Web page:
The University of Massachusetts Amherst

Holistic Nursing

Sep 7, 2018
Shelly Ferman Autor

Over the course of her lifelong career as a nurse, Shelly Ferman Autor ’84 has seen shifts in open-mindedness toward hospice and palliative care, and the benefits of both to patients in need.

“Our job as nurses is to meet people where they’re at and help them progress as people—it isn’t just medicine,” she says. “As nurses, we are less driven by how to cure people and place emphasis on helping patients and their families cope with whatever they’re going through.”

Autor says in the early days of her career, much of the focus as a nurse was to treat illness, injury, and disease without considering other avenues. Options such as hospice and palliative care—relieving patients from the symptoms and stress of a serious illness, rather than focusing on a cure—were not as widely recognized. Often, nurses and doctors defaulted to immediate treatment rather than improving the quality of life for both the patient and the family.

“After I graduated UMass, I got a job in the neurology unit at Boston Medical Center and saw a lot of trauma and suffering. There was rarely a discussion of what the patient wanted in terms of their care,” she recalls. “We didn’t ask them what kind of treatment they wanted, and I think they would have welcomed some of those discussions.”

It wasn’t until further along in Autor’s career after working as a geriatric nurse practitioner that she decided to shift over to the growing field of hospice and palliative care. Moved by the holistic approach to these practices, Autor felt compelled to focus on bettering the mental, emotional, and physical wellbeing for those she treated.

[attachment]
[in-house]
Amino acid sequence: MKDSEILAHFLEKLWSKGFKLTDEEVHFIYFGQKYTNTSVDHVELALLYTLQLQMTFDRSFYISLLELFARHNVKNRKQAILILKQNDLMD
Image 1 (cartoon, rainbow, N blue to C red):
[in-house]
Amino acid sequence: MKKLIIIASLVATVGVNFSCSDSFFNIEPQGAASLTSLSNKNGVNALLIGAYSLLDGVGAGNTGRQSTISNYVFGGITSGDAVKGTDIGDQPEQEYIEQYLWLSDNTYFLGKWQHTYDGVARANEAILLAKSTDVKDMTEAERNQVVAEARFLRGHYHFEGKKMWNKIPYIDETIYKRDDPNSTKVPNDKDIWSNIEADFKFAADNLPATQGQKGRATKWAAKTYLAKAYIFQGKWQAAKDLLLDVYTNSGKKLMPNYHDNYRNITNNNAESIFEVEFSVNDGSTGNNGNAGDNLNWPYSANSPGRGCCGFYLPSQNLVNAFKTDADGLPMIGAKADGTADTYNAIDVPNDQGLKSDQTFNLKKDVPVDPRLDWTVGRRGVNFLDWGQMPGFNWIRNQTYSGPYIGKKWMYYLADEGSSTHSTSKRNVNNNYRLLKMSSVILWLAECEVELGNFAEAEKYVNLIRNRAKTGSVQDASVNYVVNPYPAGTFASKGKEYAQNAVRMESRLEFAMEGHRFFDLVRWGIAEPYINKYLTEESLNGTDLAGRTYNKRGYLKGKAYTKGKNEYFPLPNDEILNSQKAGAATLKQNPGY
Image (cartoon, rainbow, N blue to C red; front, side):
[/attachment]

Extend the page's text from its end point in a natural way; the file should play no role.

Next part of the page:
“Earlier in my career, you mostly saw patients receiving aggressive treatment for diseases like cancer, but now the care is so much more integrated,” she says. “As a homecare hospice nurse, I’ve seen massage therapy, dog therapy, and an openness to incorporate spirituality into someone’s plan. There’s not one-size-fits-all formula to treatment.”

Having the opportunity to experience such an intimate time in a patient’s life has left Autor humbled and grateful for the work she does. With comfort as one the most important factors for her patients, she stresses the need to keep an open mind and heart for those who enter her life.

“I find satisfaction in walking into a chaotic house and just being okay with whatever is in there. I’m not there to judge anybody,” she explains. “I take a deep breath and take in the scene—who’s who, what’s happening, the family dynamics— and just absorb it all. It’s good to know that you are making such a difference in these people’s lives.”

For UMass nursing students interested in pursuing hospice and palliative care, Autor asserts that staying positive and treating each patient’s experience with equal attention will foster a rewarding career.

“As a nurse, you can’t be afraid of death or dying. Being there and helping families at that moment is just so incredibly intimate and special,” she remarks. “It’s our job to educate people that there is not only one way to do this. Everyone has a choice about goals of care, such as hospitalization and aggressive treatment. We need to have those discussions about care options so our patients can be empowered to make their own choices.”

Reflecting on her long and fulfilling nursing career, Autor attributes the catalyst for her success to the UMass Amherst College of Nursing and takes great pride in the strides the program has made since her time on campus.

“I’m so proud of my UMass degree and the direction the Nursing program has gone. It’s hard to believe that the School of Nursing is 65 years old!” she says. “UMass helped me learn to be myself and bring my whole self to my patients, which is so important with the work we do.”

This story originally appeared here, on the University of Massachusetts Amherst Alumni Association website.